Haven't had a problem with the tripod closing up; That could cause some real damage to the dish.


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Actually I have not heard of anybodies tripod walking off yet.  It may just be luck or thieves have no interest. 

The water jugs will pretty much protect from winds as long as you have them touching the ground as Tom has shown in the photo.  If not touching the ground they can become pendulums and actually end up pulling the tripod over.
There is no way to use a dish from Direc Way on a tripod and still meet the FCC regulations or to have Direc Way supply any kind of support for it. That program does not have FCC approval nor is it supported by Direc Way. No amount of dealer training will change that, although it would help when you set the dish up.

If you want an internet dish that does have FCC approval and that is also supported by the company that supplies the internet service, there is only one and that is Starband. The Starband company now has a program that has approval from the FCC and that also gets technical support from the company via toll free phone service. The service that they provide costs more to set up due to the required hands on training that you must pass first, and the fact that all dealers must be company certified to sell the program and they are required to include the proper test equipment needed to locate the satellite as a part of the package. The program is the Starband Manual Flyer, and it is completely legal and fully supported by the company. And the monthly fee is also $5 per month less than with Direc Way and the data speed is faster. We have used the Starband equipment for almost a year and it is great. It takes me about 15 min. to set up and get on-line.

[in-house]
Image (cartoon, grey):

There is no single dish for both TV and internet, although there are kits to mount a bracket on the internet dish for the TV required LNB's. These are different services and they come from different satellites and have separate billing.

I feel pretty certain what you are saying is only partially true.

It is true Direcway will not support tripods in terms of a help desk.  They require installers of tripods to be the support providers.

But my understanding is that has nothing to do with FCC regulations.  It is a combination of their reluctance to upset their Datastorm vendors, combined with their judgment that tripoders are pretty experienced and that their support efforts are better directed to the roof mount people.  They do not go out of their way to make it easy for RVers, but they recognize RVers as an important segment.  Others here like Ron, who are more experienced can correct me if I am wrong about this.

I do not see any rationale for the FCC supporting Starband and not Direcway.

Also when I bought my motorhome I was offered a KVH Tracvision dish that could do both Internet and TV.  I opted instead for a 2 lnb in motion TV only dish, because the internet and TV could not be used at the same time on the integrated dish.  I had a separate dish installed on my roof that does internet.  It has the advantage that it can be quickly lowered from the roof and set on a tripod in the rare occasions the view from the roof is blocked.  :D